Sharing success with others by extending encouragement and concrete opportunities to newcomers and seasoned writers alike is one of the most personally and professionally rewarding things a freelancer will ever do. By helping others to succeed, a writer’s own sense of purpose and place within the larger writing community is strengthened. It’s a terrific win-win.
The solitary writer/loner stereotype exists because so many of us are just that. But being solitary doesn’t necessarily mean being isolated. There are many ways to reach out to one another without intruding unduly on your own writing time. After realizing I’d accumulated stacks of writing magazines and annual Writer’s Markets, I began giving these resources away to aspiring teenage writers. I also compiled and distributed a list of publications that were actively seeking stories and articles by young writers. The students were thrilled with this introduction to the writing world, and I was thrilled for them. When I was 12, my dad pulled out an old Writer’s Market and showed me how it was organized. To this day, I credit Dad and that book for putting me on the path to publication by teaching me how to market my writing.
Sharing knowledge of timely markets, like WritersWeekly.com, is another great way to pass the possibility of success on to fellow writers. My friend Ann never hesitates to share contact information with others, even if it means forfeiting a few assignments herself. As a former editor and publisher, Ann knows the value of forging strong bonds between writers. Competition exists in every profession, but so does mentoring! And, being held in high esteem by other wordsmiths is an awesome high in itself.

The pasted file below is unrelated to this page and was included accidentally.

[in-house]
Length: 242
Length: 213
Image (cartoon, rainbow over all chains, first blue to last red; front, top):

When I began freelancing, two seasoned authors helped me tremendously. Betsy critiqued my work with an eagle eye, and Brigid invited me to coauthor a non-fiction book with her. She’d published many books herself already, yet she kindly chose to take a chance on me. The experience taught me plenty. But, what I remember most is that someone took the time to help me build my career.
Years ago, I asked an editor to offer a story she’d assigned to me to a newer writer instead. She gave the man a chance, and he wound up earning several additional assignments. Thirty years later, shortly before the man died of cancer, I received a letter thanking me for the opportunities I’d passed along to him. That’s when it really hit me. The act of sharing success is its own reward. Passing the torch rounds us out as human beings and keeps us connected as writers. So, keep those kind deeds circulating because the world needs every skilled and charitable writer it can get.
Wendy Hobday Haugh, a freelance writer from upstate New York, writes stories and articles for a wide range of magazines, including Highlights for Children and Woman’s World. Three of her cat stories appeared in Chicken Soup for the Soul’s My Very Good, Very Bad Cat, published in February 2016. Currently, she is hard at work on a middle-grade novel.
QUERY LETTERS THAT WORKED! Real Queries That Landed $2K+ Writing Assignments
Peek over the shoulders of highly successful freelance writers to see how they earn thousands per article! The query letter is the key!
In these pages, you'll find real query letters that landed real assignments for national magazines, websites, and corporations.
- Abbi Perrets' form letter that brings in $30,000-$45,000 annually
- Sample phone query from Christine Greeley
- The Six Golden Rules of Queries and Submissions...and How I Broke Them! by Bob Freiday
- Your Rights As a "Freelancer"
- and ANGELA HOY'S SECRET for finding ongoing freelance work from companies that have a stable of freelancers, yet never run ads for them!
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